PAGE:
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Firstly, is the following sentence correct?

My brother is being unusually nervous lately.

If correct, how is being nervous behavior? We usually use the progressive of be to describe a behavior or an action, not states of the mind. Secondly, I have read in both Longman and the Oxford dictionary that you use only present perfect with lately. The attachment below is from Practical English Usage written by Michael Swan. enter image description here

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"Being nervous" means acting nervously.

This is the same with all your other examples as well.

You're being stupid does not really mean at the present you are lacking intelligence. It means at the present you're demonstrating a lack of intelligence or, in other words, you're acting stupidly.

Likewise, I was being very careful has the same meaning as I was acting carefully.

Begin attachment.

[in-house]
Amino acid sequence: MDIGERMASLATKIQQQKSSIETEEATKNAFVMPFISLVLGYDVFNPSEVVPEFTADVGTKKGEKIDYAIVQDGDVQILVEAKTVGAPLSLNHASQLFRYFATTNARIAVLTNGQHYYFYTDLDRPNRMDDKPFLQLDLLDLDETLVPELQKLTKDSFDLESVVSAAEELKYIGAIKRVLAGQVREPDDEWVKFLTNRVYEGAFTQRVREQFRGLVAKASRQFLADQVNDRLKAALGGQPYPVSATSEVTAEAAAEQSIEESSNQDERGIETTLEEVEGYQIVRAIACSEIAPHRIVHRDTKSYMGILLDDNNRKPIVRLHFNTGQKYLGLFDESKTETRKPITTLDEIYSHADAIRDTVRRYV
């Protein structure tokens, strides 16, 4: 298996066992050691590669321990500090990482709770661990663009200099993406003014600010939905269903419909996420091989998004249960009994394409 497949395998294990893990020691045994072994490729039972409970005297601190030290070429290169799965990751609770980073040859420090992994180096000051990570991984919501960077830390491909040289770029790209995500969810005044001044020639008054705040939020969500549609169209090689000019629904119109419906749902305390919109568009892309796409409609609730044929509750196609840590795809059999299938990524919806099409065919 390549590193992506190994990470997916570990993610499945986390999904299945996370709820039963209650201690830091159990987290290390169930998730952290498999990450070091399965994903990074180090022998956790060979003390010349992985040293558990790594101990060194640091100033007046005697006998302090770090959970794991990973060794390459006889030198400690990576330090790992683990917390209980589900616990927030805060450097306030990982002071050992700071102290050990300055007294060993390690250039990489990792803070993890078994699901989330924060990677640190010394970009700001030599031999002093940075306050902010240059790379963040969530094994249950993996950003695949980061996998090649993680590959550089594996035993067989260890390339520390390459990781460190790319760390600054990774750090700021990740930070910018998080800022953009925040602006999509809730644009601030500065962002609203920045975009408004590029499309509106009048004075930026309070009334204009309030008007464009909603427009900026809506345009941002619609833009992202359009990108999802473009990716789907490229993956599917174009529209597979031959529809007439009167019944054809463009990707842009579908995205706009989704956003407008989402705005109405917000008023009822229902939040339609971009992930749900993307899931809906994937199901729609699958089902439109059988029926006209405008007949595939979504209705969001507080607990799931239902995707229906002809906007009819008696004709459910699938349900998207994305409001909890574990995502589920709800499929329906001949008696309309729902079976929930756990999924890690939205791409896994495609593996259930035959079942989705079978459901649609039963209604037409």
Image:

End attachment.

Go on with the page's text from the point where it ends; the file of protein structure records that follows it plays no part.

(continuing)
Who's being a silly baby: again, the accusation is not about the state of the person, it's a commentary on their behavior (they're acting like a silly baby).


The point about using the present perfect with lately is completely separate. But briefly, what you've read is correct. The sentence should be more like: My brother has been being nervous lately. "Been being" doesn't sound nice, so we'd probably say, my brother has been acting nervously lately.

  • @user249253, nervousness is a state, yes, but when we say, "He is being nervous," we are not talking about the state of nervousness. We are saying that he is acting nervously. If we wanted to talk about the state we'd simply say, "He is nervous." In your example, "My brother has been nervous lately" describes your brother's state while "My brother has been being/acting nervous/ly lately" describes the behavior. There isn't really any ambiguity. – Juhasz Jan 23 at 16:55
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It seems to me that the adjectives that describe some character can denote behavior in this structure (being + adjective), not those which describe states. enter image description here

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